Jimmy Savile was a well-known English DJ, radio and television personality, and charity fundraiser. Jimmy was a British pop singer who began his career spinning records before moving on to manage dance clubs and eventually becoming a radio and television DJ. He rose to prominence after hosting the ‘BBC‘ show ‘Jim’ll Fix It for nearly 15 years.
Jimmy worked as a Bevin boy at South Kirkby Colliery in West Yorkshire during WWII. He was forced to look for new work after suffering spinal injuries in a mine explosion. In 1990, he was named a ‘Knight Bachelor’ in the Queen’s Birthday Honours for his charitable and fund-raising efforts.
The Early Life of the Jimmy Savile
Jimmy Savile was born on October 31, 1926, in Burley, Leeds, England, as James Wilson Vincent Savile. During the Great Depression, Jimmy grew up in a Roman Catholic family with his mother Agnes, father Vincent (an insurance agent and bookmaker’s clerk), and older siblings Mary, John, Vincent, Joan, Marjory, and Christina. Savile attended St Anne’s Roman Catholic School and, after dropping out at the age of 14, worked in an office. During World War II, 18-year-old Jimmy was conscripted to work in coal mines as a Bevin Boy, and his spine was injured during a shot-firer explosion, forcing Savile to wear a steel corset for three years.
He eventually got a job as a scrap metal dealer. Jimmy began playing records at dance halls in the early 1940s, and he claimed to be the world’s first DJ, claiming that no one had used two turntables and a microphone before he did it at the 1947 Grand Records Ball.
He was also an athlete, as he revealed “I’ve done over 300 professional bike races, 212 marathons, and 107 pro fights,” he told The Guardian in 2000. No wrestler wanted to go home and claim that a long-haired disc jockey had knocked him down. So I got a good hiding from start to finish. Every bone in my body has been broken.
It was fantastic.” Savile managed Manchester’s Plaza Ballroom, Leeds’ Mecca Locarno ballroom, and Essex’s Palais dance hall in the 1950s and 1960s. An executive from Decca Records discovered him while he was living in Essex.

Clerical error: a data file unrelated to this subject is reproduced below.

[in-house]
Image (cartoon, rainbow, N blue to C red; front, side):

The Professional Life of the Jimmy Savile
Jimmy Savile began his career as a DJ after performing songs in dance clubs. He then became a manager at Manchester’s ‘Plaza Ballroom’ on Oxford Road. In the late 1950s, he also ran the ‘Mecca Locarno Ball Room’ and the ‘Palais Dance Hall.’ He also attempted professional wrestling and competed in the 1951 Tour of Britain. In 1958, Savile began his media career as a disc jockey at Radio Luxembourg.
Savile could be seen on Tyne Tees Television as early as 1960, where he developed a reputation for oddity and flamboyance. He joined the BBC in 1964 and hosted the first episode of Top of the Pops. He was broadcast on BBC Radio 1 four years later, and in 1994, he began hosting Jim’ll Fix It.
Network When Jimmy Savile has Died
Jimmy Savile, an English DJ, television presenter, media personality, and charity fundraiser, died in 2011 with a net worth of $10 million. He became well-known as the host of two popular BBC shows, Jim’ll Fix It and Top of the Pops. His primary source of income used to be his work as a DJ. Similarly, he has amassed a sizable fortune as a television and radio celebrity.
Savile began his career in 1958 and remained active in the industry until his death. Jimmy volunteered at ‘Stoke Mandeville Hospital’ for several years. He assisted in numerous fundraisers for the ‘Spinal Unit’ and ‘St. Francis Ward’ during his time with the ‘Spinal Unit’ and ‘St. Francis Ward.’
Honors and Awards